A One-Sided Story

Published: May 3, 2019 - 18:06 Updated: May 3, 2019 - 18:25

Hardnews is covering the fourth general elections since it started publishing in 2003-2004. It got all the election results right, even the tricky ones like the 2004 general elections where the buzz in Delhi suggested one outcome and the ground reality told a different story. Predicting 2009 and 2014 polls were relatively easy to read, but the 2019 election presents a different challenge all together. The threat of violence from an intrusive Surveillance State is cramping the freedom with which the ordinary voters shared their views on politics and the government. Media, too, which had faced plenty of challenges to preserve its editorial freedom has succumbed to the dominant narrative of aggressive nationalism and a government, which is not fond of dissent. The illiberal mindset of State bosses who wanted to control the newspapers and media through advertisements and veiled and overt threats is transparent. For instance, once a newspaper carried an unflattering profile of a lady chief minister of the state and it discovered to its horror that it’s power supply was cut off for days till they apologised and sacked the Editor. 

The same ruthlessness and refusal to accommodate diverse views is visible in the national capital. There are many who got into media as a business and do not want to take on the State. They find it financially rewarding to tag their editorial line with the ideology of a party and tom-tom it’s achievements at any opportunity. Professional editors who take pride in the independence of media and its role in making the government accountable, are the ones that have come to grief. Government advertising has been stopped and their other ways to raise funds has also been consciously constricted. Television media is the worst sufferer. There is probably only a channel or two that is standing up to the government and reporting the truth from the ground. Most of them have become the drum-beaters of the government and the ruling party. They have allowed their editorial line to be manipulated by the government even when their credibility is getting badly shot. A journey across different parts of the country only reveals that a revered institution like the media has lost all respect. TV media is various described as “lapdog media” or “bhakt or loyal media”. This is not how the Press was meant to be described in a country where it was at the vanguard of the freedom struggle.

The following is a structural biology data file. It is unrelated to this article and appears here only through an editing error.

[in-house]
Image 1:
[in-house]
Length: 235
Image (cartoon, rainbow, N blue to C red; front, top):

It is in this backdrop of this environment where only one kind of noise is heard that an objective assessment is expected from political analysts. This becomes trickier as the burden of analysis, of late, has fallen on the lot of psephologists and number-crunchers. A close look at their track record reveals that they, too, have been singing the tune of the party in power. Invariably, their predictions prove to be correct only in the case when BJP is winning. Every time the party has lost, these pollsters, including some big names, have been proved woefully off the target. In the recent Chhattisgarh assembly polls where BJP was decimated, all the pollsters were giving a big win for the BJP. It has happened in the past with the Bihar and Delhi assembly polls too. Why do they get some results right and others so wrong? It does not take enough imagination to understand why it happens. Invariably, the results of the polls are dictated by the fixers of the ruling party and with the specter of fixing electronic voting machines also staring at the electoral process, it is anyone’s guess on what will be the outcome of the 2019 elections.

If there is no tampering of the voting process and if it is allowed to faithfully capture the anxiety-driven mood of the nation, then we are staring at a hung house with perhaps BJP emerging as the single largest party, but way short of majority. The result could stir the formation of another United Progressive Alliance if the alliance partners do not succumb to the muscle and money power of the enormously rich ruling party.

Democracy and its institutions are on a severe test. May 23 will decide whether they pass the test.

Editor of Delhi's Hardnews magazine and author of Bad Money Bad Politics- the untold story of Hawala scandal.

Read more stories by Sanjay Kapoor